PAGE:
A Day At the Eric Carle Museum

For book lovers and art lovers, The Eric Carle Museum of Picture Book Art in Amherst, Massachusetts has it all.  There are three galleries of rotating art exhibits, the best book store-hands down, and a host of well known authors and illustrators who do special presentations and book signings.  There’s always something happening at The Carle.

And every single time I visit I feel a bit overwhelmed in the best of ways, like a child at Christmas, because there is just so much.  Saturday was no exception.

One of my favorite picture books is Hector Fox and the Giant Quest by Astrid Sheckels. The text is rich in language – words like ‘quest’ – to complement a well written, exciting story.  As soon as I read aloud from the book,

“I wish fairy tales were real sighed little Lucy.”  And that was all it took for Hector and his band of merry friends to go in search of a real giant.

Preschoolers are riveted, waiting, wondering.  Words can do that, particularly good ones- like Hector Fox and the Giant Quest.  I am reminded of what E.B. White said about writing to children:

“Never write down to children.  Anyone who writes down to children is simply wasting his time.  You have to write up, not down.”  -E.B. White-

The illustrations are equally stunning.  They bring the text alive.  Astrid Sheckels was there, at the Eric Carle Museum, to read her book and give a drawing demonstration.  I was fortunate to arrive early and spend time with the author.  There are more Hector Fox books forthcoming!

Watching an illustrator draw characters is fascinating.  Of all the books I’ve read over thirty years, I haven’t watched the artist draw the characters – live!

Of course the children wanted her to draw Hector, and also Lucy.  When the sketch was finished, I suggested that she sign it.  Good idea!

And I was the lucky one to get to take the sketch home!  On my way out of the library, I was directed to the upper corner of the doorway.  Very cool!

The museum’s main exhibit was Paddington Bear.  This is the first time Paddington’s original illustrations, books, and memorabilia have been on exhibit in the United States.  I was in my glory, as I read Paddington Bear books to my children, over and over.  I always wanted to ride on a London bus with Paddington:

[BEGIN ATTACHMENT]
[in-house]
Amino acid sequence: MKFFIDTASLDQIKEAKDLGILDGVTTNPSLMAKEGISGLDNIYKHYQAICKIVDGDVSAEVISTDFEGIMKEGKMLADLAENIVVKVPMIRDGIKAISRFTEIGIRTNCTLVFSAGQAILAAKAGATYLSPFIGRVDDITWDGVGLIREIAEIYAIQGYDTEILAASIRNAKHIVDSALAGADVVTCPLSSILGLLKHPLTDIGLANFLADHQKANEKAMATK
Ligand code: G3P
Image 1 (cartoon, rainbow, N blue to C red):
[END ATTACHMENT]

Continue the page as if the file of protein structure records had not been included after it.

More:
And, I will always marvel at seeing original artwork, up close, particularly when it’s familiar from a story.

I loved reading Michael Bond’s letters of acceptance from the publisher.  I wonder what a £75 royalty in 1958 would compare to, in 2018 dollars?

Other works of art from famous illustrators adorned another exhibit.  This was a favorite by Leo and Diane Dillon:

There is always an exhibit on the art of Eric Carle.  Two things struck me.  One of my favorite books is The Tiny Seed, and I saw the original artwork:

The second thing that struck me was learning more about the time Eric Carle was an art student while in Nazi Germany.  I will always remember that his high school art teacher, Fridolin Krauss, risked his own life to show Carle “forbidden art”, you know… Picasso, Klee, Matisse, and Kandinsky.

That changed Carle’s life.

What I did not know, and got to see, was the art Eric Carle was painting while studying under Krauss.  Perhaps this painting will show you the talent Carle had back then, and why Krauss risked his life to show Carle more, much more.

I find this story one of the most moving stories of the twentieth century.  I always find more at the Eric Carle Museum.


About Jennie

I have been teaching preschool for over thirty years. This is my passion. I believe that children have a voice, and that is the catalyst to enhance or even change the learning experience. Emergent curriculum opens young minds. It's the little things that happen in the classroom that are most important and exciting. That's what I write about. I am highlighted in the the new edition of Jim Trelease's bestselling book, "The Read-Aloud Handbook" because of my reading to children. My class has designed quilts that hang as permanent displays at both the National Liberty Museum in Philadelphia, and the Fisher House at the Boston VA Hospital.